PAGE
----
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Singapore Longevity Blue Zone. HDBs, Highways and Health

Updated: Apr 16

HDB health Singapore air pollution

I love my home and as I drive around newly minted Blue Zone Singapore I cannot help but notice how in some areas public housing, HDBs, are stacked up against the roads and highways. What effect does this have on health and longevity?

We know that living in proximity of well-lit and busy highways affects people’s health negatively; brain health, cancer risk and even heart attack. How? The noise, the particulate pollution, even the streetlight itself appears to harm. Under these circumstances brain health, the risk of Alzheimer’s is very much a concern. More-so for a rapidly aging population such as we have. (note: study citations are located at bottom of page)

In a recently published UK paper, using data from the massive Biobank study, the dangers of three key factors on brain health have been highlighted. The paper states:


“We further reveal that the most deleterious modifiable risk factors for this vulnerable brain network are diabetes, nitrogen dioxide – a proxy for traffic-related air pollution – and alcohol intake frequency.


  • Diabetes. Singapore is already engaged in a costly and well-publicised war on diabetes.

  • Traffic-related air pollution, we will speak more on this below.

  • Alcohol intake frequency. We are already the most expensive city to drink in the world and consumption, at least in public, is well regulated. It is never too soon or too late to have a dry month.

When it comes to traffic pollution, Singapore has conducted several of its own studies measuring fine particulate matter (PM2.5), ground-level ozone and nitrogen dioxide. While these have shown increased risk of dementia, there is more at stake. This includes sudden cardiac arrest, stroke, asthma, reduced lung function and other health issues when pollution and temperatures in the concrete jungle rise. (studies are listed at bottom of page)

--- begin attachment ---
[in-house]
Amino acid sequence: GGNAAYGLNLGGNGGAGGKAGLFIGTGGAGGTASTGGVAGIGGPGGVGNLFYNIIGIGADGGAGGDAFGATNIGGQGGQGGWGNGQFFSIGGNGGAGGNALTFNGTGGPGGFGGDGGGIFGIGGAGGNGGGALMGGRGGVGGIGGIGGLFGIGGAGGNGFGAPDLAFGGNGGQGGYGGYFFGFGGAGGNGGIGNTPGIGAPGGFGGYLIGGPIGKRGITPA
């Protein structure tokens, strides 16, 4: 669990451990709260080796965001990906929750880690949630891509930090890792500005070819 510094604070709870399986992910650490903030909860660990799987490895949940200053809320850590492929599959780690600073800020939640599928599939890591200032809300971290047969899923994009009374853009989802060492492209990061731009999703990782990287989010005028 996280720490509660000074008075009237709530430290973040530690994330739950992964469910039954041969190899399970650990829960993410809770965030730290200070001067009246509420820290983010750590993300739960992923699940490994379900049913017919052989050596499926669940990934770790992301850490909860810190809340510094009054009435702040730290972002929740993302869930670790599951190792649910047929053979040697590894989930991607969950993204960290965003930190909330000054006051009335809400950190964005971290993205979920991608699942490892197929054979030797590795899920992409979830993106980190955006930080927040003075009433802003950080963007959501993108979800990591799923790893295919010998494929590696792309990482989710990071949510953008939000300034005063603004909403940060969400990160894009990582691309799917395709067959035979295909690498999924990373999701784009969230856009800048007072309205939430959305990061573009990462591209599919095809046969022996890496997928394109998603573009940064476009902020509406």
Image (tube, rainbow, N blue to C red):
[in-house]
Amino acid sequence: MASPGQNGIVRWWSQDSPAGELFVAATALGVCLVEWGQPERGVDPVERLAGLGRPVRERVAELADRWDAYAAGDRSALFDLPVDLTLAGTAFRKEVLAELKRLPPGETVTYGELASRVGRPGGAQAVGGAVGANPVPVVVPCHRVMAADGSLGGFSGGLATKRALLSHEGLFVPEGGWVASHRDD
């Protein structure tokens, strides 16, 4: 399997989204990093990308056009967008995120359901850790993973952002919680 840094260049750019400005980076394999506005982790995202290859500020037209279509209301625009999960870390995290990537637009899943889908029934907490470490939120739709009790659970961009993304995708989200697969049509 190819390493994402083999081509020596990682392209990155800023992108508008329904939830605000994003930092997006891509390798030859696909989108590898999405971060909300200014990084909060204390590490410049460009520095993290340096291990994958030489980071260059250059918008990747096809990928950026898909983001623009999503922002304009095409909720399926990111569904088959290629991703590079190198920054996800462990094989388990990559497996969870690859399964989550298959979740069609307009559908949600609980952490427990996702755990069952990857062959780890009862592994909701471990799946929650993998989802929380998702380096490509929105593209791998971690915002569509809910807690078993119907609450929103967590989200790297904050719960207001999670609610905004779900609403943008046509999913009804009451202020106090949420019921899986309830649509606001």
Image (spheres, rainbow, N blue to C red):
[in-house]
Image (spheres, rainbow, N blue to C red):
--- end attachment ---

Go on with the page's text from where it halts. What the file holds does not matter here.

I appreciate that the nation of Singapore is land scarce, London (the city) is twice the size. We have to live in proximity to roads. However, how could we change the existing city design parameters to create a blueprint for environmental and personal health? My proposal is this, for all future HDB and neighbouring highway developments...

The HDB and Highways Health Plan.

What it entails...

  • Every road, three lanes or more (in one direction) must have a 100 metre strip of forest between highway and neighbouring HDB residential buildings.


Why forest? At it's simplest to block the light, the noise and catch some of the particle pollution. Plus the added benefits of creating a verdant and biodiverse environment, with swaths of city-cooling green corridors crossing the city. At least along the main highways. And both tourists and global city planners will sing our praises for years to come.

And we can extend this policy to any area zoned for housing, government or otherwise.

Singapore green city HDB
In downtown Singapore, roadside greening brings benefits.

Now there might be an argument that cars are soon changing to electric. So perhaps dangerous particulate matter will be reduced. That is a question for the scientists. But I argue that the other reasons are still valid. And if we cannot have forest strips in all areas, then I mandate that planted, roofed, car parks should separate housing from the highways.


The government is already investing in urban planning for health, continuing on Singapore's path as an engineered Blue Zone version 2.0. In the Queenstown health district where a healthy ageing zone is being created and trialed. So where and when can we roll out the HDB and Highways Health Plan?


City Dreaming,



  • See what city planners are already incorporating into city design to keep us cool.

longevity healthspan Singapore

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Related Studies